Since teaching social sciences and photography at high school, I’ve lost the time and motivation to continue developing my photography skills. It’s been years really – with the exception of helping out yearbook, teaching my students how to handle a camera, or shooting the occasional senior portrait – since I’ve purposely picked up my camera for the pure joy of it. Then @timothyeyrichstreet, a guest judge for my photography class end-of-semester final, reignited my photo soul via a simple 10 minute conversation.
I realized that I’d been mentoring students, but hadn’t had someone mentor me for a long time. In those 10 minutes, Timothy Eyrich opened the wonderful and thrilling street photography door back up for me, one that had been all but shut for years. He also reminded me of some good advice I received years ago from Leanne Cole. Find your niche, develop it, and stick with it. She gave me this advice because my portfolio of work was all over the place in terms of style and genre. Still is….
Street and night photography is my favorite genre in this artistic world we call “painting with light.” I think I learned that when I lived in Korea, spending day after day walking neighborhood and city streets with another photographer who also happened to be my good friend.
So, here’s to developing my own personal and identifiable style, sticking to one specific genre, and actually getting good at it! Here is a look into my home life. We are old car junkies and big time gear heads. Expect website changes and updates!
There aren’t many buildings in Tucson, AZ that are more than 100 years old. This week my photography students and I were granted special access to one of Tucson’s oldest buildings, the Manning House. Once a private residence, what sits at 450 West Paseo Redondo is now El Rio Health‘s headquarters.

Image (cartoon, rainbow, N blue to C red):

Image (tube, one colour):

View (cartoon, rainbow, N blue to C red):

As a homeowner in Tucson, AZ, I know what it’s like to wait for the season’s first monsoon, that giving of life that your plants so desperately need. Not only does it bring relief to dry, yellowing cactus that, by July, are shriveling up upon themselves, but it also brings a cool breath of air after months of what feels like a hot blow Continue reading I Don’t Have Much, But I Do Have…→
Whoa! It’s seriously been since September since I last posted? My goodness! Being a teacher has really changed my day-to-day life, but in an awesome way! Sorry I’ve been gone for so long. Here are a few photos I took at a light parade in Tucson, AZ last weekend. Merry Christmas to you all!
I’m back in Arizona and I’m not moving away! We had so much fun in Korea but it is so very nice to be back in our hometown of Tucson, AZ. Last weekend we went to Tombstone for “Wyatt Earp Days.” Here are some of my favorite photos.
Dare I say a stay on this island is better than Jeju? I’ve been to both now, and while Jeju is unbelievably gorgeous, Ulleungdo will make you feel like you are a thousand miles away from the hustle of the “real world.”
The island is about 217 kilometers from the ferry port in Pohang (one of the terminals that services trips to Ulleungdo) and is located in the East Sea between Korea and Japan. From Pohang, expect a three-hour ferry ride out at 9:50am. This is the only departure time. Returns to Pohang are at 3:30pm daily.
We spent two nights and two days on Ulleungdo, just barely enough time to do everything we wanted to do. I suggest at least another day on the island if you can swing it. There is one road that goes almost all the way around the island. It takes 1.5 hours to make it to the end of the road, but not because the island is large. The road is small and meanders through scenic scapes that even a man who likes to get from point A to point B will want to stop and soak in. Multiple one lane tunnels wind themselves through the volcanic rock; you’ll have to wait your turn to go through if traffic is coming from the opposite direction. But no worries, you’re on island time here. Continue reading Ulleungdo, Korea’s Island Paradise→
On the second day of vacation we headed to Haegeumgang (Shipgagul Cave) which is located on Geoje Island just off the southern coast of South Korea. Geoje Island is Korea’s second largest island following Jeju. I really wanted to see this sea cave because I’d read that the water is the color of Tide detergent and tour boats take people in an out of it with ease. An aerial view of the cave shows that it is shaped like a cross, which is what Shipgagul means.